He presented vignettes from his past with such practiced eloquence that I momentarily suspended my disbelief and accepted his importance as presented.
My Republican friend was giddy. The debate had been everything he had hoped for, and then some. Theodore (name changed) effused about the transformation of Mitt Romney to the 2012 version of Ronald Reagan. Not satisfied with the unsurprising change in all of Mr. Romney’s positions to those that more closely mirrored both Ted’s and the general electorate, my friend then went on to attack the President as a Socialist clone of Bill Ayers.
I was OK with Ted celebrating Romney 3.0, but the Ayers comparison was both silly and irrelevant. So it was time for a little intellectual honesty.
Ted and I are businessmen. We don’t know anything about defense spending. Cuts? Weapons systems? Bases? We are forced to trust our leaders. But taxes? We know taxes. And we both know a lot about health care funding. The politicians on both sides of the aisle have uttered countless half-truths, exaggerations, and out right lies. We know what the real numbers look like.
Ted was playing dumb. He told me that there were tons of small businesses that would have been created, but for the entrepreneurs’ fear of the tax code. Mr. Romney’s tax plan would motivate the creation of these new businesses.
And I laughed.
How many new businesses pay taxes? Small businesses write off equipment costs, office
furnishings, and fees. Small businesses are unlikely to have a taxable profit in the first couple of years. Few small companies ever approach the top of the tax table. Two guys starting a machine shop are hoping to net enough to make their house payments. Taxation is just another excuse for inaction from someone afraid to take the risk of being self-employed or starting a business.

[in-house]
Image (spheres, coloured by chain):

Real entrepreneurs dream of being so successful that bitching about taxes would be justified.
And large businesses? This is a great time to captain a large company. Corporate profits are up. The stock market is at a record high. And governments are throwing money at you. Cities and states are bidding for corporate headquarters the way NFL teams were wooed twenty years ago. Tax abatements, tax incremental financing, and no interest loans are just part of the packages. If only Ohio could get the employees to work for free…
Ted was no longer smiling. So I gave him my best impression of last Wednesday. “Uh, Umm, Uh I agree with Governor Romney.” And Ted was OK. Hell, he was positively giddy.
I didn’t need any sunglasses. The political discussion was generating plenty of heat, but no light.
They were surprised that I didn’t cave, that I didn’t bend to their will. After all, they were repeating all of the lines that they had heard on Rush’s show, Huckabee’s program and even from Greta. No one ever refuted this avalanche of information on FOX.
But I didn’t question my sexual identity when I was once the only straight guy in the room. And I didn’t change my religion any of the times that I was the only Jew in the room. So I certainly wasn’t going to change my politics when I found myself surrounded by a dozen Republicans.
In truth, I liked my odds.